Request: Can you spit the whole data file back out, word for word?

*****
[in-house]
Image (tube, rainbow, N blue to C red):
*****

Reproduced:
[in-house]
Image (tube, rainbow, N blue to C red):